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Moving your money could be easier than you realise

14 Mar 2012

The theme for World Consumer Rights Day (WCRD) 2012 on 15 March is 'real choice' in financial services and marks 50 years since John F. Kennedy articulated the first four consumer rights, including 'the right to choose'.

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CI member organisations in the EU and Australia have all recently conducted surveys to ask consumers about their experiences with switching bank accounts. The results show that more needs to be done to get consumers switching and encourage more competition between service providers.

Most consumers who have switched banks found the process easy

In surveys conducted in Australia, Belgium, Italy, Portugal, Spain and the UK, well over half of all consumers who had switched said that they found the process easy.  In Belgium, Spain and the UK this figure rises beyond 70 per cent.

The reasons that consumers gave for wanting to switch say a lot about the nature of consumer dissatisfaction with banks. Consumers in Spain, Belgium, Italy, Portugal, France and the UK all said they that one of the main motivations for switching was to get a better service or because they had a disagreement with their previous bank.

Another key motivator in all these countries was to get a better rate of interest. The costs of an existing account were also an important reason to switch for consumers in Spain, Belgium, Italy, Portugal and France. Similarly, in Australia the main reasons given for switching were the feeling that loyalty was not being acknowledged, and that fees and charges were unreasonable.

But many consumers are still put off because due to perceived complications

Yet the same surveys also showed that a significant number of consumers in all these countries who wish to switch banks do not end up going through with it. One of the top reasons cited was a concern that the switching process would be too complicated or time consuming. Many also felt they were unlikely to get a better service or better rates at a new bank.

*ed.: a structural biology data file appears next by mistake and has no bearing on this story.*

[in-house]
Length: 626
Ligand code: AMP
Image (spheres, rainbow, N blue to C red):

But, as described above, consumers overwhelmingly find switching easy and other research by CI member organisations in the same countries show that real savings can be made.

The results also suggest that innovative ideas such as transferable bank account numbers could play a significant role in encouraging consumers to switch, with between 43 per cent (UK) and 67 per cent (Spain) saying that they would be more likely to move their money if they could take their bank account number with them.

Consumer concerns around switching must be addressed to promote 'real choice'

The basic consumer right to choose is being undermined in financial services if consumers feel that exercising that right will cause problems. In turn, financial institutions that don't feel pressure from consumers who are ready and willing to move their money are less likely to compete with each other to drive down costs, improve service quality and innovate.

These survey results clearly suggest that there is still more to be done to encourage consumers to switch. As Helen McCallum, Director General of Consumers International said:

"If a consumer is dissatisfied with the financial service they are receiving, banks need to work much harder to ensure the switching process is as pain free as possible.

"Providing clear comparative information, and ensuring the process is straightforward and risk free will encourage more consumers to switch, increase competition and promote better service and better deals."

The consumer movement unites for a global day of action

World Consumer Rights Day 2012 takes place on 15 March. CI member organisations around the world are engaging in a wide variety of activities to highlight this year's theme: 'Our money, our rights: campaigning for real choice in financial services'. To find out more:

  • Download CI's briefing on the barriers to choice faced by consumers, and the steps that can be taken to improve competition in financial services.
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